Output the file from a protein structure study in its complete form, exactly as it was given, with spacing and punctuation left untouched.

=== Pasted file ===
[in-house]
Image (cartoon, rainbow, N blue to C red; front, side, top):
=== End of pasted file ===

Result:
[in-house]
Image (cartoon, rainbow, N blue to C red; front, side, top):